Lomatium nudicaule is a species of flowering plant in the carrot family known by the common names pestle lomatium,:110 barestem biscuitroot, Indian celery and Indian consumption plant. It is native to western North America from British Columbia to California to Utah, where it is known from several habitat types, including forest and woodland. It is a perennial herb growing up to about 70 centimeters tall from a thick taproot. It generally lacks a stem, the inflorescence and leaves emerging from ground level. The leaves are made up of many dull green, waxy lance-shaped leaflets each up to 9 centimeters long. The inflorescence is borne on a stout peduncle widening at the top where it blooms in an umbel of yellow or purplish flowers.
This plant is a traditional source of food for many Native American groups, and its parts are used medicinally, including as a treatment for tuberculosis. It also has been used ceremonially in association with the fishing and processing of salmon among peoples of southwestern British Columbia and Washington. For example, the W̱SÁNEĆ (Saanich), who called it qexmín, burn the seeds in a fire or on a stove when drying the salmon. Among other peoples also, including the Kwakwaka'wakw and Nuu-chah-nulth, the seeds are burned as an incense at funerals and chewed by singers to ease their throats.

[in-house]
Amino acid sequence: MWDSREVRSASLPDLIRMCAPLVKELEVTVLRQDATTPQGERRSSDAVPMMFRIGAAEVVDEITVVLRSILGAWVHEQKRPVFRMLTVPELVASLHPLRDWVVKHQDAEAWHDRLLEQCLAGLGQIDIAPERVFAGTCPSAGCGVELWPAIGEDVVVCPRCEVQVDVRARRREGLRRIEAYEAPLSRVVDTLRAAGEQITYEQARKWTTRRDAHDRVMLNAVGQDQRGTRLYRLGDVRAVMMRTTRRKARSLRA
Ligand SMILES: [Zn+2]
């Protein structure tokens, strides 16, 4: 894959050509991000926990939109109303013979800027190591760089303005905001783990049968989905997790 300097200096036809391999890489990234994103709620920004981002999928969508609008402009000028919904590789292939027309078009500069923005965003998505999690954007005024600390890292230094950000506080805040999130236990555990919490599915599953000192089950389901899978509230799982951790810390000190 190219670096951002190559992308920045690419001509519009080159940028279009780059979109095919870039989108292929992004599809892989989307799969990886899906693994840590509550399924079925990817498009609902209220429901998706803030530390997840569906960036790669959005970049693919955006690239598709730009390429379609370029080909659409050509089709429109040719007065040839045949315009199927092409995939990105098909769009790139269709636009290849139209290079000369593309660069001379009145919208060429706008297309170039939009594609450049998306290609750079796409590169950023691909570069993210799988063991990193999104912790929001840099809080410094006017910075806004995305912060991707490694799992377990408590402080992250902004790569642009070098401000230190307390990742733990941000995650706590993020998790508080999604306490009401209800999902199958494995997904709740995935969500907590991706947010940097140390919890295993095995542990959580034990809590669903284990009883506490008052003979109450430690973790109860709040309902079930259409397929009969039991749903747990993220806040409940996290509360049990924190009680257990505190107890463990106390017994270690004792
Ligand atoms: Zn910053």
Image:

- Calflora Database: Lomatium nudicaule (Barestem biscuitroot, Pestle lomatium, Pestle parsnip)
- Jepson Manual eFlora treatment of Lomatium nudicaule
- USDA Plants Profile for Lomatium nudicaule (barestem biscuitroot)
- UC CalPhotos gallery
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